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The Son of Clemenceau   By: (1824-1895)

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THE SON OF CLEMENCEAU

A Novel of Modern Love and Life

A Sequel to The Clemenceau Case

by

ALEXANDER DUMAS (FILS)

CHAPTER I.

STUDENT AND SOLDIER.

The sunset gun had been fired from the ramparts of the fortifications of Munich and the shadows were thickly descending on the famous old city of Southern Germany. The evening breeze in this truly March weather came chill over the plain of stones where Isar flowed darkly, and at the first puff of it, forcing him to wind his cloak round him, a lonely wanderer in the low quarter recognized why "the City of Monks" was also called "the Realm of Rheumatism."

The new town, which he had not yet seen, might justify yet another of its nicknames, "the German Athens," but here were, in this southern and unfashionable suburb, only a few modern structures, and most of the quaint and rather picturesque dwellings, overhanging the stores, dated anterior to the filling up of the town moat in 1791.

The stranger was clearly fond of antiquarian spectacles, for his eye, though too youthful to belong to a Dryasdust professor, and unshaded by the almost universal colored spectacles of the learned classes, gloated on the mansions, once inhabited by the wealthy burghers. They were irregular in plan and period of erection; the windows had ornamental frames of great depth, but some were blocked up, which gave the facades a sinister aspect; the walls had not only ornamental tablets in stucco, but, in a better light, would have shown rude fresco paintings not unworthy mediƦval Italian dwellings. Many of the fronts resembled the high poops of the castellated ships of three hundred years ago, and they cast a shadow on the muddy pavement. As they resembled ships, the slimy footway seemed the strand where they had been beached by the running out of the tide.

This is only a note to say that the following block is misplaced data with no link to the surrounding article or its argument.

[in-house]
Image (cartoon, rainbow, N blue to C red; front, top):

As the darkness increased, the amateur of architecture became more solitary in the streets where the peasants in long black coats, their holiday wear, were hurrying to leave by the gates, and the storekeepers had renounced any hope of taking more money, in this ward, gloomy, neglected and remote from the mode, no display of goods was made after dark. But the man, finding novel effects in the obscurity, continued to gaze on the rickety houses and bestowed only a transient portion of his curiosity on the few wayfarers who stolidly trudged past him to cross a bridge of no importance a little beyond his post.

One or two of the passengers, rather those of the gentler sex than the rude one, had, however, given attention to the figure which the flowing cloak did not wholly muffle. With his dark complexion and slender form, not much in keeping with the thickset and heavy footed natives, and his glistening black eyes, he made the corner where he ensconced himself appear the nook where an Italian or Spanish gallant was waylaying a rival in love.

Presently there was a change in the lighting of the scene, the gloom had become trying to his sight. Not only were two lamps lit on the small bridge, one at each end in the ornate iron scroll work, which Quintin Matsys would not have disavowed, but, overhead, the sky was reddened by the reflection of the thousands of gas jets in the north and west; the gay and spendthrift city was awakening to life and mirth while the working town was going to bed. This glimmer gave a fresh attraction to the architectural features, and still longer detained the spectator.

"Superb!" he muttered, in excellent German, without local peculiarity, as if he had learned it from professors, but there was a slight trace of an accent not native. "It has even now the effect which Gustavus Adolphus termed: 'a gilded saddle on a lean jade!'" Then, shivering again, he added, struck as well by the now completely deserted state of the ways as by the cold wind: "How bleak and desolate! One could implore these carved wooden statues to come down and people the odd, interesting streets!"

He was about to leave the spot, when, as though his wish was gratified, a strange sound was audible in the narrow and devious passages, between tottering houses, and those even more squalid in the rear, a commingling of shuffling and stamping feet, the smiting of heavy sticks on uneven stones and the dragging of wet rags... Continue reading book >>




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